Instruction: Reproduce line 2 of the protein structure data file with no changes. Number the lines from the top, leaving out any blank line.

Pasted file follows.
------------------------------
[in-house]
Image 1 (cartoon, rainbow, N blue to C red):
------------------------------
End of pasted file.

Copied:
Image 1 (cartoon, rainbow, N blue to C red):